The Government is ploughing more than $100 million into regional employment, focused on Māori and Pasifika people, in another series of announcements made in the lead-up to Waitangi Day.

Speaking at Mangatoa Station near Kaikohe this morning, Prime Minister Jacinda Ardern announced a new regional skills and employment initiative called Te Ara Mahi (Pathways to Work), to support workers and employers in the regions.

Up to $82.4 million from the Provincial Growth Fund (PGF) will go into the programme.

Ardern said job creation was a cornerstone of the PGF, the Government's $1 billion a year fund for regional economic growth.

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The lion's share of the funding, $60m, will go to five of the so-called "surge regions" which require extra help. They are Northland, Bay of Plenty, Tairāwhiti, Hawke's Bay and Manawatū-Whanganui.

Those regions faced issues including high unemployment, low wages and lower productivity compared with the rest of New Zealand. The rest of the regions will get $20m and the remaining $2.4m will be spent on programme delivery.

"We will be investing in two specific programmes that support Māori and Pasifika – He Poutama Rangatahi [$13.2m] and the expansion of the Ministry for Pacific Peoples' successful Pacific Employment Support Service [$8.8m]," Ardern said.

Hubs bringing together government agencies would also be created.

"These hubs will empower communities by bringing people and business together to access the full range of government employment support services, including access to work-readiness courses and training opportunities," Ardern said.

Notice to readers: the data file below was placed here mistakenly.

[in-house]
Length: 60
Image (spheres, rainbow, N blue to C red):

Regional Economic Development Minister Shane Jones, who along with Employment Minister Willie Jackson was at today's announcement, said the regions deserved their share of the country's economic prosperity.

"Through the PGF we are able to amplify our investment in local people, including rangatahi Māori, who feature disproportionately high in NEET [not in employment, education or training] statistics.

"We're also able to scale up the support available to employers to ensure they are able to take on local people to deliver on local projects," Jones said.

In January last year the Government announced $13.2m for He Poutama Rangatahi [HPR] pilot programmes in Te Tai Tokerau, Eastern Bay of Plenty, Tairāwhiti and Hawke's Bay.

"Nineteen HPR programmes are already under way, helping to get young people ready for work in sectors from forestry to hospitality. The additional funding is a welcome investment to meet the heavy demand that HPR has experienced," Jackson said.

Ardern also announced today $21m to connect marae to the internet and establish regional digital hubs in towns.

That is on top of $80m already announced from the PGF for digital initiatives including rolling out more rural broadband and improving connectivity in areas such as Southland and the West Coast.

All but $1m will come from the PGF, with the remainder from the Crown Infrastructure Partners' Ultra-Fast Broadband rollout budget.

"Digital connectivity is a key enabler for regional economic development. However, it's clear that many rural communities are lagging behind in terms of access to internet and digital services," Ardern said.

The first hubs, which will offer free Wi-Fi, co-working spaces and advice on the use of the internet for business, will be created in Northland.

"Māori in particular are materially under-represented in information and communications technology so this investment will provide an alternative way for rangitahi to learn the skills a modern workforce needs," Jones said.

Today's announcements come on top of $127m announced yesterday by Ardern and her ministers - up to $100m from the PGF for capital funding for Māori landowners to develop their land, and another $27m for the Kaipara region, mainly for transport infrastructure.